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Cayuga Power Plant

Governor Andrew M. Cuomo's May 9th announcement that coal-fired power plants would be banned in New York State by the end of 2020 may have seemed like the death knell for Lansing's Cayuga Power Plant.  But while the company intends to get out of the power producing business, it wants to become a consumer of over 100 megawatts by transforming the power plant building into a 'cloud' data center. Town Supervisor Ed LaVigne told the Lansing Town Board Wednesday that Heorot Power Vice President of Development Jerry Goodenough has told him that he is willing to sign a statement saying the company will no longer seek to repower the plant with natural gas.  Instead the company plans to transition both its Cayuga and Somerset plants into data centers, with a $100 million capital investment in the Lansing site.

"As diverse as we are in this county, I think a lot of the circles cross on this issue," LaVigne said. "I asked Jerry specifically, 'Will you sign an agreement that you will not re-fire the plant with natural gas?'  He said yes.  They're taking natural gas right off the table.  So there is no longer an issue of trucking, the pipes -- goodbye!  I asked them that specifically because that will take a lot of the angst out of it.  It's a new chapter, a new book, a new story, a new success.  They're going to reinvent themselves."

Tompkins County Legislator Mike Sigler said the company has applied for a 125 megawatt renewable energy allocation that would come from the hydro-power facility at Niagara Falls, which he noted is the largest renewable energy resource that we have in New York State.

The data center will have large data storage capabilities, and incorporate artificial intelligence capable of analyzing the data for things like predicting component failures in manufacturing, modeling crop increases in production, and so on.  It can be used for large computational modeling such as tracking bird migrations.  the company says it is not targeting Bitcoin or any cyber-currency.

The Cayuga facility is expected to consume 100 megawatts of power, including renewable hydro-power if they can achieve an allotment from the New York Power Commission, plus between 15 and 20 megawatts from its own solar farm on 75 acres owned by the company.  Closing the Cayuga and Somerset plants and re-purposing them as data centers is expected to create a 10 to 1 replacement ratio of fossil fuel to clean energy.  Sigler said he hopes New York State will back the plan.

"It fits the Governor's plan to move away from fossil fuels," he said. "It would be sad to have this power plant sit there and rot.  This would be something that would bring money back on the tax rolls."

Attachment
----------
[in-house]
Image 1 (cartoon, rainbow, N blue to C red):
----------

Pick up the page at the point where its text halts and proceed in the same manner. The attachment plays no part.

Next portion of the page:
The company says the data center will support between 20 and 30 full time jobs with $40,000 to $60,000 annual salaries, plus 100 construction jobs with a $600 million construction budget.  Sigler says the company has data centers, so it has experience needed to  transition from the power generating industry to cloud storage.

"They've already done this," Sigler said. "I asked 'what experience do you have in this?'  They've actually done this in the state of Montana.  they've had a lot of support to do this.  What happened there was they need the same kind of support from our state that they had in Montana.  They need an allocation of power from the the New York Power Authority (NYPA) that will help with the transition to this new data center.  This allocation is essential.  It would be an allocation of power from Niagara Falls. They need it at that cheaper rate to make this happen."

Company officials say that if the plant closes without a 'fair and reasonable power allocation' displacement to the communities would be significant to the tune of the loss of 600 union construction jobs and an additional 96 IBEW jobs.  The loss of revenue to the taxing authorities would be a combined $4 million.

LaVigne said that he hopes at least some of the current power plant employees will be able to transition to the new business, or possibly take early retirement.  He added that he hopes the plant stays busy enough to give employees to exit, if that is what they do, on their own timetable.

"I'm not going to speak for them, but it's a different business now," he said. "The way that I phrase it is they have a better chance going in this direction than not doing anything at all.  Does that mean they're not going to have jobs?  I'm not going to say yes and I'm not going to say no. I'm going to help this business survive and get as much assessed value for the Town and employ as many people as possible.  Whatever happens after that is up to the business."

Company officials say that the data centers will be the largest in the state.

The 155 megawatt Cayuga and  655megawatt Somerset power plants are the last two coal-fired power plants in New York State, so Cuomo's announcement last week targeted the one company. 

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